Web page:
People arrive at market fit from different standpoints.
Take an approach that combines brute force approach and opportunity. A person or a group begins to work on a product. They try several ideas, and nothing sticks with the user. Then they suddenly might see an opportunity, and somehow it starts to stick. Slack is famous for having used this approach: they found out they could make a chat app while working on games. It somehow happened. It wasn’t foreseeable.
Take another approach, the dreamer’s one. For a long time, a person or a group thinks about philosophy, human nature and needs. At some point the sweet spot of thinker’s ability and human needs is met. For example, the bright minds at PARC, coming up with modern computing tools such as GUIs, a mouse and a WYSIWYG text editor. Human being has hands; humans have used tools to build civilization; we should provide humans with the new set of tools for them to express their ideas; let’s give them a pointing device that is precise; let’s try a mouse.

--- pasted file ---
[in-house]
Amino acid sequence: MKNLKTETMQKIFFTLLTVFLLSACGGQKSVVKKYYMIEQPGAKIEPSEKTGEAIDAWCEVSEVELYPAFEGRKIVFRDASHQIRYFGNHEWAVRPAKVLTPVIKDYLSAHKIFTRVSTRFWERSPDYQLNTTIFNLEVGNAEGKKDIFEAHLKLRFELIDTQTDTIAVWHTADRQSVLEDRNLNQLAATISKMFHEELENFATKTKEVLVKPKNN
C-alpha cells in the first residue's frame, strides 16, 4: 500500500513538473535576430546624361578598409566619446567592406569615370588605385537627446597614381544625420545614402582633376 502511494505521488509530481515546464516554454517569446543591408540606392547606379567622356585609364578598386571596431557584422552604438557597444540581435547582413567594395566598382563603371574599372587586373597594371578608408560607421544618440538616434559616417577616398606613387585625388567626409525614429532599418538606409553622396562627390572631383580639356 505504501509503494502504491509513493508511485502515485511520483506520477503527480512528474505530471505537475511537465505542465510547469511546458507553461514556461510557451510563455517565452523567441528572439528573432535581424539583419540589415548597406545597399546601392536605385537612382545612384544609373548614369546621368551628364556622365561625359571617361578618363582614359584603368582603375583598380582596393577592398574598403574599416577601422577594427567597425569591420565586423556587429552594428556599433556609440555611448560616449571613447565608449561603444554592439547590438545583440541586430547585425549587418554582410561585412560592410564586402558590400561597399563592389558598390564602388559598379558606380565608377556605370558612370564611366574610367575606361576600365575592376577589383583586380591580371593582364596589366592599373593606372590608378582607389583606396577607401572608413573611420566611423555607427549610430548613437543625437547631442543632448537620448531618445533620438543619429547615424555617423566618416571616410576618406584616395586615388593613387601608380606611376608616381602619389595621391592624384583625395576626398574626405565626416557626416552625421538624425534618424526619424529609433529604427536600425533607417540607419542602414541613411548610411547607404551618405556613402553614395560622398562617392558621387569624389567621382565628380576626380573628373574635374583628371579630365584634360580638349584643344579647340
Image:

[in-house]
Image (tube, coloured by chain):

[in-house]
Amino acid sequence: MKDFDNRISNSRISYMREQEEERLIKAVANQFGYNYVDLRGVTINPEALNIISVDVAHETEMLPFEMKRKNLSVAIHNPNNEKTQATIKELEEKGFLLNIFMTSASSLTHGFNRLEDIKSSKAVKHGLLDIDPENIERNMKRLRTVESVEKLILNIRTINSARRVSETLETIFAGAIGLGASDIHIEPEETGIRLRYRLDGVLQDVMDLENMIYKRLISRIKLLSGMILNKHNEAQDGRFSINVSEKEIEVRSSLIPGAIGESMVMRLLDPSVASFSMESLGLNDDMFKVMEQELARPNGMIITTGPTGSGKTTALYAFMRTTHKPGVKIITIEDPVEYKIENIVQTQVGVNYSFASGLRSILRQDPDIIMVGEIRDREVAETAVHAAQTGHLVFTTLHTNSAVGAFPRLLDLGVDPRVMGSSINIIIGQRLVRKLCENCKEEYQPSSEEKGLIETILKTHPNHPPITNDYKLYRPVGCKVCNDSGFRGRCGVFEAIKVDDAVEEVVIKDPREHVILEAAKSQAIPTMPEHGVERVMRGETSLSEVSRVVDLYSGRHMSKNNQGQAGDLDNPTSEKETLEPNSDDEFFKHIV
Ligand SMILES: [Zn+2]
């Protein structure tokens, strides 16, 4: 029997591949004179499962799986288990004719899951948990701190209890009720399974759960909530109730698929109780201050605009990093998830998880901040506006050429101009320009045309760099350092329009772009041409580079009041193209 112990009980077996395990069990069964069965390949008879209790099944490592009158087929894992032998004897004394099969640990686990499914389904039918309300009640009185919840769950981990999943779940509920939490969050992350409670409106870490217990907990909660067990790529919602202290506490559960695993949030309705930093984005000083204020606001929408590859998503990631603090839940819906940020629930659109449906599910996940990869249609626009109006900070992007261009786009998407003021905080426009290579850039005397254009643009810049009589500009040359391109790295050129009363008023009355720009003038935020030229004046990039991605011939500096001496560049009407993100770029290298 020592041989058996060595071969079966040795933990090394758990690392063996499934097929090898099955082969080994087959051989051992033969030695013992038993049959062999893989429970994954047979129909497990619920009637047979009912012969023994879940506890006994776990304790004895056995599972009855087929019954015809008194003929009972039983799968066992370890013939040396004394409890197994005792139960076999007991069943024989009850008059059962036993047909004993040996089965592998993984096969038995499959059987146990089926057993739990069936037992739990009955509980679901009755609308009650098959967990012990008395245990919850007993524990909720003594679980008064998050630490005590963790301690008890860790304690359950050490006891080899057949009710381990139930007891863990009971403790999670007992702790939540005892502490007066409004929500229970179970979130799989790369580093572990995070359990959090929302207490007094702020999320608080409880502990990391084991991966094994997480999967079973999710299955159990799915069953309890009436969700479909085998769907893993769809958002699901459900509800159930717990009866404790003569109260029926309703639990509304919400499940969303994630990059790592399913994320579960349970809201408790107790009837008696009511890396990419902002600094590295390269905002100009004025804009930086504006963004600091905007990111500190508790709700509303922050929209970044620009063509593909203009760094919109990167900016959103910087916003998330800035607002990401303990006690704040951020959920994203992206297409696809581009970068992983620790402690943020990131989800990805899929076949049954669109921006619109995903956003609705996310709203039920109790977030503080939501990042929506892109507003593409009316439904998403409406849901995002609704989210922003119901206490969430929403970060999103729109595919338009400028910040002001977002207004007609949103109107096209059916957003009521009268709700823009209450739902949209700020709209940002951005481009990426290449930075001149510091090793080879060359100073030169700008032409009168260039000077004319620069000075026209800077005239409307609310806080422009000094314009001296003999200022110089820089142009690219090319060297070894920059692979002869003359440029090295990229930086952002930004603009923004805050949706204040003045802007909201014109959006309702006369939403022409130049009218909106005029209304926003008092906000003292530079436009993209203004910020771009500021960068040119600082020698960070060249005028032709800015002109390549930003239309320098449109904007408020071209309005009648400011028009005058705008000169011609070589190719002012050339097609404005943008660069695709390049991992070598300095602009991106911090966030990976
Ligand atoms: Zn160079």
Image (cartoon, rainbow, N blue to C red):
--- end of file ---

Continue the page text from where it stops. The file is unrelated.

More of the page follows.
I don’t know if the approach matters. What definitely matters is the way they explain their ideas to the user. Most of the users won’t care how one arrives at the solution, thus explaining the complete history of thought shouldn’t be done for wide auditories.